For Many Trapped in Religious "Cults," Steve Hassan Keeps Hope Alive

Freedom of Mind: Helping Loved Ones Leave Controlling People, Cults and Beliefs. By Steven Hassan. Newton, MA: Freedom of Mind Press, 2012. 242 pp.

Author and mental health counselor Steve Hassan has made hundreds of television appearances in recent years to spread the alarm about the dangerous growth of "cults" in America. A former top lieutenant to the Rev. Sun Myung Moon -- the charismatic founder of the Unification Church, the fanatical South Korean religious group known popularly as the "Moonies" -- he clearly knows the perils of such groups from the inside. In Freedom of Mind, his fourth book, he presents an updated version of his practical handbook published in 2000 on how family members can approach and successfully "rescue" their loved ones from the clutches of groups that nurture extreme emotional and psychological dependency among their members to the point where many are prepared to do anything -- even commit mass suicide -- to fulfill their leaders' mission.

But his latest book is much more than a rehash of Releasing the Bonds: Empowering People to Think for Themselves. In the intervening years, Hassan has worked with hundreds of families -- scoring numerous successes, but sometimes encountering disappointments, including threats of lawsuits -- and he's gone to school on his experiences and kept abreast of the latest academic research. Here he offers a more subtle theory of how cults recruit and maintain themselves as well as more sophisticated strategies and techniques that families and counselors can use to convince those unwittingly trapped inside cults to leave.

Hassan categorically rejects the once-popular theory of "deprogramming" - which he himself advocated and practiced in his early years - that seems to legitimize the efforts of families to seize their loved ones forcibly - and illegally -- to prevent them from associating with a cult. As he notes, even when such coercive "exit" strategies have worked, they have often left former cult members in a state of fear and trauma just as deep as the one induced by cult membership. In fact, rescued this way, it may take years before ex-members shed their lingering associations with the cult and trust their ability to think and act independently, Hassan argues.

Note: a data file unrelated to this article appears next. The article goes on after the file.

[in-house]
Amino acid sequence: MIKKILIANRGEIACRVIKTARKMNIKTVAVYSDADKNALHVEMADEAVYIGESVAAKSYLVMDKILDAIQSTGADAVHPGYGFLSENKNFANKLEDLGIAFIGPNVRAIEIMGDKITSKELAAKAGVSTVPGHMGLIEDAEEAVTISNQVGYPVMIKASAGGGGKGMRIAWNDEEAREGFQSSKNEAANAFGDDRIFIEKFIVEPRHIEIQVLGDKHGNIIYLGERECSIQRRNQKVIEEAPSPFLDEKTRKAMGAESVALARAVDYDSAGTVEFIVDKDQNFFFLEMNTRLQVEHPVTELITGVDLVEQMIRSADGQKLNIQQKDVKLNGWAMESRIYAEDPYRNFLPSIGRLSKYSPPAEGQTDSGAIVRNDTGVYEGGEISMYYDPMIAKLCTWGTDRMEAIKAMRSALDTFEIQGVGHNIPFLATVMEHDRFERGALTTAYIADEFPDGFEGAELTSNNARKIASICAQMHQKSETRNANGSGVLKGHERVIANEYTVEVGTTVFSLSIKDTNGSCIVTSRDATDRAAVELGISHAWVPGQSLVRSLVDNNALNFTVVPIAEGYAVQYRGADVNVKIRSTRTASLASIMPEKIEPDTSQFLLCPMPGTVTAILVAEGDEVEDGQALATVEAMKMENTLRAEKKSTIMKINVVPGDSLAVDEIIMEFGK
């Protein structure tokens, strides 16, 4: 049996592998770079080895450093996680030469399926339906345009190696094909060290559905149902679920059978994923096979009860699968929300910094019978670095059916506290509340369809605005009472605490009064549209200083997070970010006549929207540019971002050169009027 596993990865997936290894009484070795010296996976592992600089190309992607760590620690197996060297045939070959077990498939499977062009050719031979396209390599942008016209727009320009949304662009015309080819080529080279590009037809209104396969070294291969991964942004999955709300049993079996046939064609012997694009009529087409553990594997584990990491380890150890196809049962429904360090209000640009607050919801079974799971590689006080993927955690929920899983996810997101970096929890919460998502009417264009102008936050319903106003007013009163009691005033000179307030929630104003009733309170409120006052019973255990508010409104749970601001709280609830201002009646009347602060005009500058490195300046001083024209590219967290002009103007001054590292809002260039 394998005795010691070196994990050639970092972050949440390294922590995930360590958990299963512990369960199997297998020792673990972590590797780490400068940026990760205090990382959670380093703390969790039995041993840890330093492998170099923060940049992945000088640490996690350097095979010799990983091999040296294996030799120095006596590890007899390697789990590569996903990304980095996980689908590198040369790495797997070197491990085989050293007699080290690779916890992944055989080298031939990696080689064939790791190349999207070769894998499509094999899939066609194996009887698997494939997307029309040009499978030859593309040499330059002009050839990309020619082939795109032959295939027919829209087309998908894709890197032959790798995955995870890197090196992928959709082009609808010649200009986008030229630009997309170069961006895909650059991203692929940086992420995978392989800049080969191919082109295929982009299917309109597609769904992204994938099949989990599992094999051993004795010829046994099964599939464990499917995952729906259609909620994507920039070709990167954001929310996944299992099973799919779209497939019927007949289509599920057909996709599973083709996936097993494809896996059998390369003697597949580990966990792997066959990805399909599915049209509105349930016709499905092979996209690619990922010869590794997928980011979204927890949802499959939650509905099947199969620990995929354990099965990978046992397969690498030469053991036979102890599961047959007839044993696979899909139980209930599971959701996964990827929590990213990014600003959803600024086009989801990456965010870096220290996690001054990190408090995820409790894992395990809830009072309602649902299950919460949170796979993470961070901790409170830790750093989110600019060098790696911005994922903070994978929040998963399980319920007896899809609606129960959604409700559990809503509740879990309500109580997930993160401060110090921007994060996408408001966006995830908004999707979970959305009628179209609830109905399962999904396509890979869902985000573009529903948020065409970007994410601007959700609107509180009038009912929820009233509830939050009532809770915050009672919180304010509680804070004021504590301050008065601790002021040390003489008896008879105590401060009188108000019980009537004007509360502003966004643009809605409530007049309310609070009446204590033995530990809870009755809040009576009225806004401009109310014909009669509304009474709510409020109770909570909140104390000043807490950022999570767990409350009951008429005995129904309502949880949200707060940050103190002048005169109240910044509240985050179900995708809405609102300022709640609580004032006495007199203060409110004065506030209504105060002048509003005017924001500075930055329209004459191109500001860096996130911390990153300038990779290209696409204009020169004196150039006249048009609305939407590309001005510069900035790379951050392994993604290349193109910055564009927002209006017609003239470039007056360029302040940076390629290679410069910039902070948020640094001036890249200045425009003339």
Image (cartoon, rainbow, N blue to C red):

Hassan acknowledges that under extreme circumstances, recourse to such measures may still be necessary. However, the bulk of the book is devoted to detailing a more patient and sophisticated method that he calls the "strategic interactive approach," which relies on slowly re-establishing rapport between loved ones and cult members over time, and wherever possible, taking advantage of spaces that may open up to interact with cult members on neutral turf, away from the constantly probing eyes and ears of other cult members.

In one fascinating case he cites, a family invites a cult member home to help convince her alcoholic father to seek treatment. She does and after her father completes treatment, he asks his daughter to reciprocate by seeking help for her addiction to her cult. It works. Sometimes the results are fairly rapid, but just as often, family members and friends need to take time and care to engage in protracted dialogue to sow doubt about the integrity of the cult and its impact on their loved one. In contrast to past approaches, the idea is to reinforce the decision-making integrity and autonomy of the cult member. If he or she once "chose" the cult, he or she can freely "choose" to leave it -- but only once its destructive influence is fully exposed, and alternate support is available.

Hassan's approach is also striking for placing as much emphasis on first engaging the affected family in a form of group therapy so that it can ease the trauma, phobias, and emotional pain it has suffered and steel itself to sustain future interactions with its loved one -- as well as formal "interventions" -- in the most productive way possible. As Hassan notes, many families lack the emotional resources to address these issues on their own and, like the case cited above, there may be preexisting family issues -- from substance addiction to sexual abuse -- that help explain why a loved one found a cult environment more safe and supportive (at least initially).